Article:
Parents throughout the nation have chosen to opt out of routine childhood vaccinations, and as a result, the health and well-being of young children and the elderly are at stake. When victims become sick or lose their lives as a result of the failure to vaccinate, patients or their surviving family members can file a personal injury claim for negligence against those who chose not to follow societal protections.
Failure to Vaccinate Is a Deadly Epidemic
As a movement spreads against vaccination, parents and students need to be leery of the consequences of inaction. Failing to vaccinate in accordance with recommendations can be a cause of personal injury to others. Opting out places the unvaccinated child at risk for contracting disease and it exposes other children, people with compromised immune systems, and the elderly at risk for serious illness or death. Disease outbreaks in the United States can be traced back to people who have chosen to opt out of the regular vaccination process. Measles and similar diseases became a forgotten worry because vaccination rates in the United States remained high for decades.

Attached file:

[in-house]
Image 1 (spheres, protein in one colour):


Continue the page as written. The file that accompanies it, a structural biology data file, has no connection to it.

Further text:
- Measles is Fast Spreading – It has a reproduction rate of 12 to 18 people for every person it infects.
- Measles Carry Critical Risks – Measles can cause brain damage and even death.
- Deadly Issue – 1 in 5,000 people who are not protected from measles will die from it.
- Unvaccinated Children Carry Greater Risk – If a child remains unvaccinated, he or she has a 35,000 times greater risk of dying from disease than of winning the PowerBall lottery.
- Rate of Unvaccinated People On the Rise – For example, in California, the rate has risen to at least 13 percent or greater.
Defending the Rights of Patients
Families who make vaccination choices that are detrimental to the health of others in American society can face civil penalties. Families should demand that children who are unvaccinated be banned from entering their school system. Certain states already created legislation making it harder to refuse unvaccinated students into their school systems. If enough people vaccinate against a particular disease, up to 95 percent of the population can remain immune and protected. If a child becomes ill as a result of an unvaccinated person, it may be possible to prove in court that circumstances that brought about a child’s illness were caused by the unvaccinated party and the responsibility for medical expenses and other damages could fall to them.